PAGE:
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Charity fears Darley Dale care service could be axed in NHS review

Learning disability respite care services at Orchard Cottage in Darley Dale could be under threat after North Derbyshire Clinical Commissioning Group announced plans to review how they are delivered.
Learning disability respite care services at Orchard Cottage in Darley Dale could be under threat after North Derbyshire Clinical Commissioning Group announced plans to review how they are delivered.

A Derbyshire Dales health charity has raised concerns about possible changes to a care service supporting people with learning disabilities.

Matlock Hospitals League of Friends has responded to news that North Derbyshire Clinical Commissioning Group (CCG) is reviewing the respite break service provided by five local units.

Pam Wildgoose, honorary secretary of the Matlock Hospitals League of Friends, with care worker Joanne Young, left, in the new greenhouse the League recently funded at Orchard Cottage in Darley Dale.

Pam Wildgoose, honorary secretary of the Matlock Hospitals League of Friends, with care worker Joanne Young, left, in the new greenhouse the League recently funded at Orchard Cottage in Darley Dale.

That will include Orchard Cottage, in Darley Dale, which offers four beds and nursing care to relieve regular carers with short residential stays.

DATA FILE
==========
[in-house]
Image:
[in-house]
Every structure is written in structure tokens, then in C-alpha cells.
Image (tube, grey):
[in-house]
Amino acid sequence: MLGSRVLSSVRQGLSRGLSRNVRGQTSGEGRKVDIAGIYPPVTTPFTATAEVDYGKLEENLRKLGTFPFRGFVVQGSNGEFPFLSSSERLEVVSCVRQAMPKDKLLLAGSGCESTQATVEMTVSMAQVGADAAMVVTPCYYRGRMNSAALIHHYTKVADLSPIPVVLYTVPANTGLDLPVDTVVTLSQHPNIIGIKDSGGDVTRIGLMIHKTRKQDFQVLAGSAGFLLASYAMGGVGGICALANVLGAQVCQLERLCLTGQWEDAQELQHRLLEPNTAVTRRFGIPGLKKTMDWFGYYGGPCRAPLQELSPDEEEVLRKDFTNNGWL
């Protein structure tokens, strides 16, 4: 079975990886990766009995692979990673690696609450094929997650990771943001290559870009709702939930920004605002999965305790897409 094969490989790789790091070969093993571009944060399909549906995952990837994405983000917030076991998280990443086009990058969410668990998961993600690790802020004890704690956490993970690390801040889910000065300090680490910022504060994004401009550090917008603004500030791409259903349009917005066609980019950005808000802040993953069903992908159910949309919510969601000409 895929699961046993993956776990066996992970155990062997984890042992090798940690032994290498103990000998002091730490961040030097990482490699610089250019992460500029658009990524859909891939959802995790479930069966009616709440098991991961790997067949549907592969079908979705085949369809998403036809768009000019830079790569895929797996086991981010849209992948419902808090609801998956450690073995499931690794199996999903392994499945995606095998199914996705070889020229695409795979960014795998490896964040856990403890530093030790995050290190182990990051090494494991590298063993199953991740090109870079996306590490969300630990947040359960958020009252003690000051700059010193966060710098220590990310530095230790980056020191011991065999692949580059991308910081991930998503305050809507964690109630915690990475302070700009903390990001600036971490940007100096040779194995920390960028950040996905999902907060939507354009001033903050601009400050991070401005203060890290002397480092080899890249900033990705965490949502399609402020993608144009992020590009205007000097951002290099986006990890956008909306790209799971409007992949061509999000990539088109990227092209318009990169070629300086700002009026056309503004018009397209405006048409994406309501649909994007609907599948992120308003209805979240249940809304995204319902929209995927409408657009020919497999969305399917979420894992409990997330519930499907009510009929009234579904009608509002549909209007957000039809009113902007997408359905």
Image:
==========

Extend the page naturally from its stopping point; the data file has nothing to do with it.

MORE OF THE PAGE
League member Pam Wildgoose said: “Patients are to have a re-assessment of their NHS need. People are worried about the future. A couple with a blind, handicapped daughter with a learning disability needing two-to-one care is distraught.

“Are we to lose another valuable service that will adversely affect a highly vulnerable group with a small voice?”

Currently North Derbyshire and Hardwick CCGs commission the service from Derbyshire Community Health Services NHS Trust.

The CCGs have indicated a possible shift to providing respite care in patients’ homes or in adapted community venues such as care homes.

Health leaders say that could allow greater “personalisation” in line with newer care models such as that in Southern Derbyshire, which has no dedicated respite units.

They also claim that occupancy rates for the units are falling, though Pam is concerned that is because fewer people are being referred to specialist disability services.

She said: “Why does reaching equality always result in a reduction in service rather than an improvement?

“The answer could be in the recent CCG Annual Assessment Report where North Derbyshire is again rated Inadequate. It is already £5million overspent this year, which could rise to £22m.”

Derbyshire CCGs medical director Dr Steve Lloyd said: “This is about how, and not whether, these services are provided, and understanding the impact upon current users is important to our plans.

“We understand users and their families place a great deal of value on this service. They and staff are well known to each other and familiarity is an important factor.”

He added: “Part of our duty is to continually review how the Derbyshire NHS pound is spent. Does it reflect patient needs, does it give people sufficient choice, is it fair and equitable and is it sustainable?

“At the moment we are not clear we can adequately answer these questions. We will listen, understand and evaluate what people are telling us before any decision is made.”

For more detail on the review and a feedback questionnaire, visit https://bit.ly/2l1cr0B.